The Skin of Our Teeth has a cast of 28 (not including dinosaurs). Each actor has at least three costume changes. Which means that Montana Levi Blanco, who for his work on the production this week received a Tony nomination for Best Costume Design of a Play, had to imagine and organize more than 100 looks to reflect the show’s distinct time periods: mid-20th-century American (act one); 1920s Atlantic City (act two); and American Civil War (act three).

When Blanco and I sat down to discuss this project there wasn’t time to discuss all the costumes. We focused on specific looks from each act: Sabina in act one, the Antrobus family in act two, Sabina again in act three.

In discussions with Lileana Blain-Cruz, the production’s director and Blanco’s frequent collaborator since they met at the Yale School of Drama, Blanco selected the color red as Sabina’s through-line – her through-hue. “But,” Blanco explained, “when one actor plays several characters, it’s important to create distance between those characters. Details help. Shoes change. Accessories change. Sabina’s first-act costume consists of a cream linen dress with a cross-hatch print on it. Over this is a silk-cream organza apron that has a red-satin piping. She wears peep-toe shoes, in carmine-red, a color that has a richness to it.”

“All Sabina’s looks are built,” Blanco explained, meaning that they are sewn or put together in a workshop. “About 50 percent of the show’s costumes are built, about 30 percent are rented – from big Hollywood places like Western Costume in L.A. – and about 20 percent are shopped: bought in stores or online.” Blanco said the costumes for the show’s refugees, who look more contemporary, were shopped. “In that sense,” he added, “the production has not three but four time periods.”

For the Antrobuses’ costumes in Act Two, Blanco did extensive historical research, a process, given the fact that one of his undergraduate degrees, from Oberlin, was a B.A. in history (the other was a music degree in oboe), he enjoys. “The Antrobuses are at a convention, of the Conveners,” Blanco said. “So we looked at photos of Shriners and Masons. Most of them were white people, but I found one of black Shriners, which got us excited. We were also inspired, in act one, by imagery from the 1950s of Jackie Robinson and his family, and, in act three, by imagery of a black Union soldier and his family.”

In act two, Mrs. Antrobus wears a long silk-brocade jacket. Her through-line is floral, so her second act look has a collar adorned with flowers. “Mr. Antrobus,” Blanco said, “is the president of the Conveners. He wears a pumpkin-and-cream-striped costume, which correlates with awnings that decorate the boardwalk. He also wears a fez. We wanted the Antrobus children, Henry and Gladys, to sport archetypal looks from the Twenties, so he’s wearing a sailor suit and she wears a simple sack dress with pleated skirt.”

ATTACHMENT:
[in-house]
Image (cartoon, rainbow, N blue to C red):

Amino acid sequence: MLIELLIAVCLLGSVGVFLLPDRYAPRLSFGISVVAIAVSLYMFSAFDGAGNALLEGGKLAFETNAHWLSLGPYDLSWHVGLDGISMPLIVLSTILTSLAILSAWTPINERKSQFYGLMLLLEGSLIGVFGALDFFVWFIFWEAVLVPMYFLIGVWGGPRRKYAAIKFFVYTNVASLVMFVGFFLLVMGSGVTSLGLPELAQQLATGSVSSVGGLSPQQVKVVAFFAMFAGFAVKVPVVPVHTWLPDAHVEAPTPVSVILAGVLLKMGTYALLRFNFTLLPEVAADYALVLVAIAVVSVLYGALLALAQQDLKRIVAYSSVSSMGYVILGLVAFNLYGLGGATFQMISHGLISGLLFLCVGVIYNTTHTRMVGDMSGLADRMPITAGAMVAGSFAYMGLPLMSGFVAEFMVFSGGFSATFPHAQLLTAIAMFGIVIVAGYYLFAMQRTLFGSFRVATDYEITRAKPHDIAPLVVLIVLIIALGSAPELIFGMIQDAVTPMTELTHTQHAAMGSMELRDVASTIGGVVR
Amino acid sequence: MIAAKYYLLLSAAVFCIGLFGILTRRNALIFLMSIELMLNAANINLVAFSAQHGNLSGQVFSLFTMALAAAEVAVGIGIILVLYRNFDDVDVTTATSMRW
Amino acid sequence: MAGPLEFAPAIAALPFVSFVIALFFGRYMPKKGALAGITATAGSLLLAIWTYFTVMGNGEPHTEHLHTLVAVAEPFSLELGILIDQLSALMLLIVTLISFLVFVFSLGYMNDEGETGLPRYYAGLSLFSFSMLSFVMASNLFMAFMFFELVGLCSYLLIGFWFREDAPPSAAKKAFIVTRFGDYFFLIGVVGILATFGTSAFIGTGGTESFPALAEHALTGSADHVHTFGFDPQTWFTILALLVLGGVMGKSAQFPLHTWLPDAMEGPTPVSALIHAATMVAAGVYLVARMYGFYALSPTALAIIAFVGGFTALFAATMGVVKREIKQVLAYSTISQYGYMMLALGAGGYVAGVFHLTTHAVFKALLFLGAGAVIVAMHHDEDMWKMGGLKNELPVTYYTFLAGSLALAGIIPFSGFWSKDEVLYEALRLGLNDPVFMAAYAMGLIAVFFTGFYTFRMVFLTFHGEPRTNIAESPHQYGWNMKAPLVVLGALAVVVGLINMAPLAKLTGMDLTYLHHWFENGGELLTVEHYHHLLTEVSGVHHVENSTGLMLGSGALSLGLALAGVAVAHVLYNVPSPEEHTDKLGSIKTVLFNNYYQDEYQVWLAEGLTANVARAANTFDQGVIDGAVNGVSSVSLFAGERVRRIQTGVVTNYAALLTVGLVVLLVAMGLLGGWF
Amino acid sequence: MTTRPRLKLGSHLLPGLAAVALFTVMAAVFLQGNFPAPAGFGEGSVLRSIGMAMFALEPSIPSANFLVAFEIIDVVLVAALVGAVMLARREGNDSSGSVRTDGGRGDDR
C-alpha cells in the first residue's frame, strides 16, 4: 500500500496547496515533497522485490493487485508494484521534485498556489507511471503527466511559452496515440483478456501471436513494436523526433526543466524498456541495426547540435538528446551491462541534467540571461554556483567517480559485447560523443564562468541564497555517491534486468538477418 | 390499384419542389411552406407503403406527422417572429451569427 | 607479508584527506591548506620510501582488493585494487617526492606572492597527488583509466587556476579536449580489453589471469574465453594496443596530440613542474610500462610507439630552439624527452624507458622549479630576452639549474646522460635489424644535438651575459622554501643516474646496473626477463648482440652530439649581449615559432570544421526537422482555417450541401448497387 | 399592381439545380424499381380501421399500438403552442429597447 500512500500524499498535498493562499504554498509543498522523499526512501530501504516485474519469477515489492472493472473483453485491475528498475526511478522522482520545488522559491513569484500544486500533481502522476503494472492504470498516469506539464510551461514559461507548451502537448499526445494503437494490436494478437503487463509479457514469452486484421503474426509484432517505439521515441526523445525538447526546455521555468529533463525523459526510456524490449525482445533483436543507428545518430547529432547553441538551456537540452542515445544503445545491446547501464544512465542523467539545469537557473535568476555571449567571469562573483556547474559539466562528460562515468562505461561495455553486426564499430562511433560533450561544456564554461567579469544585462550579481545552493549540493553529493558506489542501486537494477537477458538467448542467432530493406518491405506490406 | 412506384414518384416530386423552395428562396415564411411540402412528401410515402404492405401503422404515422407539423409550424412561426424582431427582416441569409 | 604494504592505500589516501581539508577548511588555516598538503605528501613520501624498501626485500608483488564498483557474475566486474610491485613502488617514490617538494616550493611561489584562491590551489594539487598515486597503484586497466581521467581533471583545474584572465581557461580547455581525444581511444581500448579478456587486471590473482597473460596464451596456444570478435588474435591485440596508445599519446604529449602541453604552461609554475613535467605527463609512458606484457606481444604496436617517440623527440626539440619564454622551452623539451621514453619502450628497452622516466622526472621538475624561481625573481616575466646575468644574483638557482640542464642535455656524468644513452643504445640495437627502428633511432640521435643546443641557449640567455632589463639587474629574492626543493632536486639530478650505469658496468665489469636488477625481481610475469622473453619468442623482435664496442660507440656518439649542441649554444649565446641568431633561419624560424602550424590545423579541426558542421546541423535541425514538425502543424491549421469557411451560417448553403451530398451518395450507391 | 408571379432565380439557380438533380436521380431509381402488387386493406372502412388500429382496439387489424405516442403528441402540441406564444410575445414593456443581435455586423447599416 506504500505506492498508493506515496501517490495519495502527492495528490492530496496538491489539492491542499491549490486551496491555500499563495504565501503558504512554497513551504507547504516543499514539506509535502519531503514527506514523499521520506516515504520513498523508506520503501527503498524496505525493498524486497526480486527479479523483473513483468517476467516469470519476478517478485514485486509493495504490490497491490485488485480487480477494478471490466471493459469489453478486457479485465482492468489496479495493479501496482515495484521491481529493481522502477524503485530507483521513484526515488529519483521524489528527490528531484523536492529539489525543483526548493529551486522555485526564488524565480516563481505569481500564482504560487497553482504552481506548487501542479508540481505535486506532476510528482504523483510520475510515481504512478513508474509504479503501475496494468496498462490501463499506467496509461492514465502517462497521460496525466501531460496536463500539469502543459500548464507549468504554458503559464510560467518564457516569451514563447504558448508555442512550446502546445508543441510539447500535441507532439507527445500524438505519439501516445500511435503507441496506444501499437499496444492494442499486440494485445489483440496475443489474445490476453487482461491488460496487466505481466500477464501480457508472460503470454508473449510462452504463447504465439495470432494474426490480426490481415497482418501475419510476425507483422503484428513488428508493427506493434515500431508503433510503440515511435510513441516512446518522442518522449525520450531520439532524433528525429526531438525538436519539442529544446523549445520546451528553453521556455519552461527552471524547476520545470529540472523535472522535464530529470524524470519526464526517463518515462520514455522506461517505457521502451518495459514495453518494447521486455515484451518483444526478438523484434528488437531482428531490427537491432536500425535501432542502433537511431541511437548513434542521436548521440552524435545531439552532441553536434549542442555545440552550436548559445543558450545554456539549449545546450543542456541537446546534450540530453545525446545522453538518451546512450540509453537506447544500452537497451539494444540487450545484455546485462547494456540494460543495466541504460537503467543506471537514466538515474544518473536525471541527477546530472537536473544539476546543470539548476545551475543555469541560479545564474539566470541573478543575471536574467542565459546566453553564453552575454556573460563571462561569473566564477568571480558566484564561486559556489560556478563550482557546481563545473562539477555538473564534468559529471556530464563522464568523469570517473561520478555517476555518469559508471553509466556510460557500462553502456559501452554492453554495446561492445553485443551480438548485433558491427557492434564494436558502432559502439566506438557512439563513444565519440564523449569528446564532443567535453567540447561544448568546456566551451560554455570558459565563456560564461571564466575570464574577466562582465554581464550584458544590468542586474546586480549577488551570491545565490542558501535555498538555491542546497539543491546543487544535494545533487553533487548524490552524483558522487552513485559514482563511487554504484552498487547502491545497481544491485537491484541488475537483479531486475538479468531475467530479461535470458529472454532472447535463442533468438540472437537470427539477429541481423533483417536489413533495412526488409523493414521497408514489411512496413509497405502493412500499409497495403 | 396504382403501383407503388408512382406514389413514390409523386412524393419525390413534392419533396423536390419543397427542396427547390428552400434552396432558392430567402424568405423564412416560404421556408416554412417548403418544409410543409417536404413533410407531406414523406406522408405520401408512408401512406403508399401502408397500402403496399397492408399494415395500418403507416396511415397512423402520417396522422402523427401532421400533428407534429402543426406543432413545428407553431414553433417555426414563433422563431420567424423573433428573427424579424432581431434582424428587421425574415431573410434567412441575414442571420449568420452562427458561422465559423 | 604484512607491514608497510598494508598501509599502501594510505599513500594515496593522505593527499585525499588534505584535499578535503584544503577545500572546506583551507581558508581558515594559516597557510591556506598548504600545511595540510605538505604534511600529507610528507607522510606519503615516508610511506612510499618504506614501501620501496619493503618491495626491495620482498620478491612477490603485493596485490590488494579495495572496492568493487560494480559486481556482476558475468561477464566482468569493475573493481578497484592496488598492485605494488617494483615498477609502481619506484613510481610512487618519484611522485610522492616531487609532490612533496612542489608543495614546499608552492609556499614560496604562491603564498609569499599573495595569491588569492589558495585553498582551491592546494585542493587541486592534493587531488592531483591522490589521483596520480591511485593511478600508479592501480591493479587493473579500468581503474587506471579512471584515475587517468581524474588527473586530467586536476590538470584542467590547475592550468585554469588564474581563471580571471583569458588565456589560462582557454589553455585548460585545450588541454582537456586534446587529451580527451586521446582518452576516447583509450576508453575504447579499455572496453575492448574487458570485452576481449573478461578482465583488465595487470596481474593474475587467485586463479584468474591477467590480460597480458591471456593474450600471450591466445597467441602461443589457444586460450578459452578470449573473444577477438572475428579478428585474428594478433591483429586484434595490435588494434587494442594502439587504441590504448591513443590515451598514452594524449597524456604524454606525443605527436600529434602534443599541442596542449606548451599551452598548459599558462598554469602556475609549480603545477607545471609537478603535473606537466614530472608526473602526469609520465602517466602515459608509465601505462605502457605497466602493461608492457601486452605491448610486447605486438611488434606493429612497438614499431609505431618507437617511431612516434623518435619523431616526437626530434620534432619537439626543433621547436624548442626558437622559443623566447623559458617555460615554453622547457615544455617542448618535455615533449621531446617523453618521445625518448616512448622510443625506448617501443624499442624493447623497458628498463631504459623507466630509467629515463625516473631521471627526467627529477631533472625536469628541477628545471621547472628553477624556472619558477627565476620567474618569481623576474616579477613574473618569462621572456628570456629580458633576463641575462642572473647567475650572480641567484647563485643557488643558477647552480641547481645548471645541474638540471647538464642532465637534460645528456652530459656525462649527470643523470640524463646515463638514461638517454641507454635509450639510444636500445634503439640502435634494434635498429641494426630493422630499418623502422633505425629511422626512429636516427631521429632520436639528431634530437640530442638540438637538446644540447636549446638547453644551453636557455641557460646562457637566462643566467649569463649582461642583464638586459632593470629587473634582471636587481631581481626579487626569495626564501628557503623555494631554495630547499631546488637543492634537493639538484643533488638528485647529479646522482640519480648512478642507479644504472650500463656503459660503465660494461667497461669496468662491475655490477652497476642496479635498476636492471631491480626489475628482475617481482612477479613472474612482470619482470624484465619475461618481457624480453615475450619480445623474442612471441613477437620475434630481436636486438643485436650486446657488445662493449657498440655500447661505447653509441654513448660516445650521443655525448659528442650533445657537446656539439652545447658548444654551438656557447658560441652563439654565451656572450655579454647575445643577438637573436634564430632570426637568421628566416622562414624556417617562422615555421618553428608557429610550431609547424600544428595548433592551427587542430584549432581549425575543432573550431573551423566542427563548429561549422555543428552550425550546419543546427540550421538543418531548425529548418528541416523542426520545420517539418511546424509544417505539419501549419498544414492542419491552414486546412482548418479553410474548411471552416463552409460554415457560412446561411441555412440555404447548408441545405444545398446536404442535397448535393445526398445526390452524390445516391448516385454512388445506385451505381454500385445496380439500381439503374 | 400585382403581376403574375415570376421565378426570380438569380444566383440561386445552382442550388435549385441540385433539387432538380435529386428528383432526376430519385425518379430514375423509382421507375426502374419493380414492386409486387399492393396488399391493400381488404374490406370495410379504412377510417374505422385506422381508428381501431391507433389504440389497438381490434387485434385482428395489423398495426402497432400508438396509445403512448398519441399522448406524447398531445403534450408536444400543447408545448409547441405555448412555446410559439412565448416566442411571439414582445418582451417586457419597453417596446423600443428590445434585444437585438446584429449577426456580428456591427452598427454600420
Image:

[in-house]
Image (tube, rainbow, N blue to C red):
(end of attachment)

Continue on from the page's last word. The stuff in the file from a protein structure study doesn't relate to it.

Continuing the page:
When it came time to imagine Sabina in act three, Blanco and Blain-Cruz asked themselves: What would Sabina have been doing in the war? “Maybe she was a nurse,” Blanco said. “Whatever she was doing, we wanted her to be in the garment she would have been wearing to execute those duties. We made it more of a trouser than a skirt.” Sabina’s costume is heavily distressed at the bottom. “Because Sabina and the Antrobuses have just gone through the war,” Blanco said, “the distress functions as a metaphor for what they have endured.”

Blanco, who also designed the costumes for another Broadway show this season – the acclaimed musical A Strange Loop – said he is interested in expanding his career to include TV and film. “But my true love is the theater. Film and TV costumes are seen primarily above the waist. In theater, you’re seeing the entire costumes most of the time. Your work isn’t being edited by a director or cinematographer.”

Blanco said that regardless of whether his assignment is period or contemporary, he tries to involve the actors in the design process. For Brian Watkins’ new play Epiphany, for example, which is set in the present-day and is about to start previews in LCT’s Newhouse space, Blanco and director Tyne Rafaeli had hour-long meetings with each of the actors. “We asked them,” Blanco said, “how they envisioned their characters. We then moved forward by trying to find pieces to reflect with what was brought up in those conversations.”

As my chat with Blanco wound down, he shared one of his professional secrets. “I’m really interested in what actors wear the first day of rehearsal. It’s almost like the first day of school. I might notice, for example, that someone likes trousers with wide legs and small waists. I can use those clues in my work. I try to accommodate those things to help actors be their best onstage playing their characters and telling the story without having to think too much about their costumes.”

Brendan Lemon is the editor of